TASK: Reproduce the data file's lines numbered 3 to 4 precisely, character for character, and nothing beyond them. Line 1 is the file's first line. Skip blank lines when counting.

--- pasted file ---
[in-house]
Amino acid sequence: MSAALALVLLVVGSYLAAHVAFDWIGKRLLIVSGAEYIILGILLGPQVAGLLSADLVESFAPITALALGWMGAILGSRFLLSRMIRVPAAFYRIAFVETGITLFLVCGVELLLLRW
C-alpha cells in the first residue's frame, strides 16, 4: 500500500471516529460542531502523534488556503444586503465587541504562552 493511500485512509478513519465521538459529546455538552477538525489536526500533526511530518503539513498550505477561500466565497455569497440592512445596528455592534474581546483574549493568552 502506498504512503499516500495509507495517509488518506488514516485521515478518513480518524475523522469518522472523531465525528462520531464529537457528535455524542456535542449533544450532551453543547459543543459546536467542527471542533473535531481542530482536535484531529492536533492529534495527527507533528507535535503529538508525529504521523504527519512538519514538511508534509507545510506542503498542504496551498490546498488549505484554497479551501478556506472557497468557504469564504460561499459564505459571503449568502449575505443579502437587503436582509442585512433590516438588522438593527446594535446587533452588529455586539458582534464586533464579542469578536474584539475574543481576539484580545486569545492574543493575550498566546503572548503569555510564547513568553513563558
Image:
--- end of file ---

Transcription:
C-alpha cells in the first residue's frame, strides 16, 4: 500500500471516529460542531502523534488556503444586503465587541504562552 493511500485512509478513519465521538459529546455538552477538525489536526500533526511530518503539513498550505477561500466565497455569497440592512445596528455592534474581546483574549493568552 502506498504512503499516500495509507495517509488518506488514516485521515478518513480518524475523522469518522472523531465525528462520531464529537457528535455524542456535542449533544450532551453543547459543543459546536467542527471542533473535531481542530482536535484531529492536533492529534495527527507533528507535535503529538508525529504521523504527519512538519514538511508534509507545510506542503498542504496551498490546498488549505484554497479551501478556506472557497468557504469564504460561499459564505459571503449568502449575505443579502437587503436582509442585512433590516438588522438593527446594535446587533452588529455586539458582534464586533464579542469578536474584539475574543481576539484580545486569545492574543493575550498566546503572548503569555510564547513568553513563558
Image: